Puritan New England’s reputation for rigidity and intolerance goes back almost all the way to Plymouth Rock (that’s another myth for another time).
By 1624, several of the English financial backers of New Plymouth had received complaints from settlers who did not share the separatist principles of the colony’s leaders. The Pilgrims allegedly were “condemning all other churches, and persons but yourselves and those in your way, and you are contentious, cruel and hard hearted, among your neighbours and towards such as in all points both civil and religious, jump not with you.” Plymouth Colony’s leaders faced more complaints after they banished a minister who had criticized the colony’s government and church and began holding his own worship services.
New England’s reputation for intolerance further grew after the establishment of the Massachusetts Bay Colony. It wasn’t just the occasional banishment and persecution of men and women such as Roger Williams, Anne Hutchinson, and Samuel Gorton. Rather, puritans in England — even those who became inclined toward Congregationalism (Independency) objected to the fundamental building blocks of the “New England Way.” Congregations excluded those who did not belong to covenanted churches from the Lord’s Supper and their children from baptism. In other words, even righteous men and women who arrived in New England could not partake of the sacraments until they qualified themselves to join one of the region’s churches. Although there was some variety across the region, New England’s Congregationalist churches established high standards for membership. Furthermore, in Massachusetts Bay at least, the franchise for colony-wide matters hinged on church membership.
By the mid-1640s, Independents in England wondered what was wrong with their Congregationalist counterparts across the Atlantic. Unlike the Presbyterians who controlled Parliament for most of the 1640s, English Independents — and Baptists and more radical sectarians even more so — generally favored a substantial amount of religious toleration. At the same time, men like Gorton and William Vassall came from New England with fresh reports of religious tyranny. By the 1650s, there was an unprecedented degree of religious liberty in old England. Protestants of all sorts — except for those who wanted to return to the episcopal order — could freely publish their views and gather for worship. Oliver Cromwell even permitted several hundred Jews to settle in England, which had expelled its Jewish population in 1290. At the same time, New England’s Congregational colonies shored up their religious establishments. In the mid-1640s, Plymouth Colony rejected a proposed bill for religious toleration, and a few years later the colony’s magistrates took action against a group of Baptists who had established a congregation in the town of Rehoboth.
After the Restoration of the monarchy in England, religious dissenters gained greater measures of freedom in Massachusetts Bay, Connecticut, and New Plymouth. Baptists and Quakers were able to meet for worship, first in private homes, and then in meetinghouses. Still, Quakers in particular faced severe civil disadvantages, and governments required all citizens to pay taxes to support the established churches and their ministers.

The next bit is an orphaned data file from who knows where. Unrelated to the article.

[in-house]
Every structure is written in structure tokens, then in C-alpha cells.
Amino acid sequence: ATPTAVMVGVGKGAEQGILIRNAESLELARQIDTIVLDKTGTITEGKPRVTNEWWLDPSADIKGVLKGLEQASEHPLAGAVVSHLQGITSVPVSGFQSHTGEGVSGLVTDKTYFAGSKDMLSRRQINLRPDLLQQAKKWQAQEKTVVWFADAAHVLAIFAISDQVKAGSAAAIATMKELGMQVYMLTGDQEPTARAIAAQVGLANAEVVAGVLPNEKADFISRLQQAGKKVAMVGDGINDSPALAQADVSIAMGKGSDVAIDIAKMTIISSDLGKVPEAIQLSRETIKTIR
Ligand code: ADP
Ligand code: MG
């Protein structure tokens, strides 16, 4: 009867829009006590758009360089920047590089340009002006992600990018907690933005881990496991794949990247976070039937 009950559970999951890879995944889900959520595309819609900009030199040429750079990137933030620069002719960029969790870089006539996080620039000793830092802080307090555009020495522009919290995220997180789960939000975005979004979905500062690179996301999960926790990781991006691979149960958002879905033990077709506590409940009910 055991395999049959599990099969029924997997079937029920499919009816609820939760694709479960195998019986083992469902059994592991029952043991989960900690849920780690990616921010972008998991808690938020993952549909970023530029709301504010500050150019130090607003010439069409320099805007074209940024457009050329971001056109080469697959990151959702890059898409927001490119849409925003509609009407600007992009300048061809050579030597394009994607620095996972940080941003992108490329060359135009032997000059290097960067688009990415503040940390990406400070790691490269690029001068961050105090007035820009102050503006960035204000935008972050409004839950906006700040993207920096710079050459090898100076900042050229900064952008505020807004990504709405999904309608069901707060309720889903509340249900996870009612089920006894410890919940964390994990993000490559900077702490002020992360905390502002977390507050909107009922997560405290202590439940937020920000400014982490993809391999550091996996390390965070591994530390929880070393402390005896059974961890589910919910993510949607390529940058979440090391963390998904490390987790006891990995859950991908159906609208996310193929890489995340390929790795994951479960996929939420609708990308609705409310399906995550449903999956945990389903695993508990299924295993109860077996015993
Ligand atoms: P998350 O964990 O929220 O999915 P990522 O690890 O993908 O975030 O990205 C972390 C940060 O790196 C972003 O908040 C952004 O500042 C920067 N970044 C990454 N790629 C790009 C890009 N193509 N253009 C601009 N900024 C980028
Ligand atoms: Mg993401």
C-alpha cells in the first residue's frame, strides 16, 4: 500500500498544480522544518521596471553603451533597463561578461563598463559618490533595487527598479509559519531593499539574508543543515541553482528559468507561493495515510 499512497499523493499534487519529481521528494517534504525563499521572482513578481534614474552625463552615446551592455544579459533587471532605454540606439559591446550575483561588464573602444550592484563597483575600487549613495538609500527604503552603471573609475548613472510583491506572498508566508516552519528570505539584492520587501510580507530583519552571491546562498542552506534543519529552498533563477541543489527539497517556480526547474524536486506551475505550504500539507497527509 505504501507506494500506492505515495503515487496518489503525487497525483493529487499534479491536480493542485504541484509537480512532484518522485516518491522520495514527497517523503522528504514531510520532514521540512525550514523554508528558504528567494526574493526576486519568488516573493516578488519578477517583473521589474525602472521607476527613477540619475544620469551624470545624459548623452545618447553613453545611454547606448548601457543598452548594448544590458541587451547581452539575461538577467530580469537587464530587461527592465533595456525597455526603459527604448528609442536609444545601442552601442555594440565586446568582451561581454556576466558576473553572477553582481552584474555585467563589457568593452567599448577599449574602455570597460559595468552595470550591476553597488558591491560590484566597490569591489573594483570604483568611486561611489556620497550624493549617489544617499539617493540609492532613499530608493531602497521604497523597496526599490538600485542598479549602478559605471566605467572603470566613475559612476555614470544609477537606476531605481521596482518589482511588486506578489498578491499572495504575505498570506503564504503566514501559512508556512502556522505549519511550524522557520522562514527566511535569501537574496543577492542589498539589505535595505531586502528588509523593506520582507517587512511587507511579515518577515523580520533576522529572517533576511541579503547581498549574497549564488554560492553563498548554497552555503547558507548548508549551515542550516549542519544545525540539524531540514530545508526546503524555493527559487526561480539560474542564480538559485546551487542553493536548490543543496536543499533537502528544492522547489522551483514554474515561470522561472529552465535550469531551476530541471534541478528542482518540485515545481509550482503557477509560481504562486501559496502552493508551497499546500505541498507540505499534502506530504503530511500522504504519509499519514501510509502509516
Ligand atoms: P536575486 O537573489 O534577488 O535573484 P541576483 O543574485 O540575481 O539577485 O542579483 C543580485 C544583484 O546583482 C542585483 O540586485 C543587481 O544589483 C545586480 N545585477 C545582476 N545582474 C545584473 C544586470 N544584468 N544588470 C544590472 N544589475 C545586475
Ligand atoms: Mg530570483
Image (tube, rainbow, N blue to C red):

What New England’s puritan leaders are most known for today is the 1692-93 execution of twenty alleged witches at Salem. Perhaps that is regarded less as an example of religious intolerance than as an episode of ignorance and fanaticism. Whether or not one includes the witchcraft trials, one can easily tell a long story of religious tyranny cruelty.
I have titled this post the “Myth of New England Puritan Intolerance.” I am using the term “myth” carefully. The magistrates, ministers, and many settlers in Massachusetts Bay, Plymouth, and Connecticut were intolerant. On balance, they had very negative views of a host of religious “others”: Catholics, Jews, Natives, mystics, and so forth. And on many occasions, they did treat religious dissenters cruelly, even if they were not quite as eager to do so as those dissenters alleged.
This myth of puritan intolerance has been useful for the way that subsequent generations of Americans have understood the trajectory of religious liberty in the United States. Puritan intolerance is a necessary starting point for what is usually a triumphant story of how religious minorities fought for and attained religious liberty, or, of how more enlightened ideas about the world displaced the ignorance and superstition of the seventeenth century. If one wishes to celebrate the ideals of founders such as George Washington, James Madison, or Thomas Jefferson, the puritans are a useful foil.
Beginning with my next post, however, I will argue that however useful this idea has been as an American myth, it is not very useful for understanding the history of seventeenth-century New England. For starters, it implies that New England’s leaders were outliers within the trans-Atlantic world they inhabit. They were not. While the idea of religious toleration (usually limited) gained significant support between the 1640s and the 1690s, very few English men and women favored anything approaching complete religious liberty. The Congregationalist ministers and magistrates of New England, moreover, were quite ordinary in their desire for religious uniformity and their determination to punish stubborn heresy. I will flesh out that argument next time.